Treading in the path in England where William Shakespeare and his followers trod, and continue to do so, was an adventure.
Shakespeare, often called England’s National poet, was born during the Elizabethan era in 1564 in Stratford-upon-Avon, a medieval market town in England’s West Midlands. He married 26-year-old Anne Hathaway in 1582 when he was 18. His Tudor family home was near her famous 500-year-old family cottage. The guides in these well-preserved houses, dressed in traditional attire of medieval times, enthusiastically related their history as we wandered through. The floors creaked with every step.
One cold, overcast day I crossed over the historic London Bridge to visit the *Shakspeare Globe Theater, an American-built complex which opened in 1997. I hoped to catch one of The Bard’s plays in the oak-and-thatch replica of the original Elizabethan theatre which stood close to this location during medieval times. Tourists and theatre-goers of all ages swarmed the complex and strolled along its famed waterfront, undeterred by the inclement weather.
Shakespere’s open-air Globe theatre was closed for the winter season. But I was able to secure a last minute, standing-room ticket for a play in the candlelit Sam Wanamaker Playhouse. This year-round playhouse is notable for the reconstruction of the old Globe Theatre
The semi-circular wooden balcony where I stood was so steep that I had to lean forward and peer through the low-hung candlelit chandeliers in order to see the stage. Fortunately they were raised during the performance, giving me a clear view of the performers, albeit from high above. Before the play began, the intimacy of the location of my viewing facilitated interesting interaction with strangers who were standing close to me. Many were regular Globe attendees and were quite knowledgeable about Shakespeare and this theatre.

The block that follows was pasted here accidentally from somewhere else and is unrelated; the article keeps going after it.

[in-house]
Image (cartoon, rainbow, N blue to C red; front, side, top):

On a wall near Shakespeare’s Globe, as if to welcome people into the nearby historic Borough Market, stood his over-sized mosaic portrait. A market was said to have been in this location long before his time. Colorful fresh fruit stands and cheese stalls were scattered among a smorgasbord of international fresh food stalls. Whiffs of exotic food smells permeated the damp, cool air under the massive steel beams of the London Bridge.
The London Bridge, which has been rebuilt numerous times, dates from the Roman period. It was probably a pontoon style crossing linking Roman roads across the River Thames.
I frequented this enticing market regularly, appreciating the fact that it supports the interaction of the varied cultures that exist throughout London. It was always humming with foodies, especially on weekends, when long queues were the norm. During my visits I enjoyed Thai coconut pancakes; koshari, Cairo street food; and fresh Italian pasta. I often ate at an outside communal table and struck up a conversation with the international people who were seated there next to me.
After several unsuccessful attempts to see a Shakespeare play in various venues, I managed to secure a front row seat, for the price of 10 British Pounds, for the play “Much Ado About Nothing” in one of London’s premier theatres. A few tickets were made available at the box office each day of performance starting at 10am. I was one of the first in line that day.
A couple of weeks later while I was visiting Leipzig, a charming, cosmopolitan city in former East Germany, Shakespeare’s trail reappeared in the form of music for “A Midsummer’s Night’s Dream.”
Leipzig, with 1000 years of history, was once one of the major European centers of learning and culture in fields such as music and publishing. The composer Felix Mendelssohn (1809-1847) helped develop Leipzig as a center of music in 19th century Europe.
At Mendelssohn’s house museum I listened rapturously to his overture for Shakespeare’s A Midsummer Night’s Dream which premiered in 1827. An acoustical room was set up like an orchestra pit with separate tall speakers each representing an instrument. Listeners, with headphones on, stood in the front, as if they were the conductor. A Midsummer Night’s Dream Overture was household music in Germany until WWII. Due to anti-semitism, all performances of Mendelssohn’s music stopped until the end of the war.
What a treasure trove it is to connect with Shakespeare, in some form, while traveling through Europe.
*Shakespeare’s Globe: http://www.Shakespearesglobe.com
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